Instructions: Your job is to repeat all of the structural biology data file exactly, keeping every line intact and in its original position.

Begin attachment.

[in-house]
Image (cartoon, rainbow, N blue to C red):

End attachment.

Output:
[in-house]
Image (cartoon, rainbow, N blue to C red):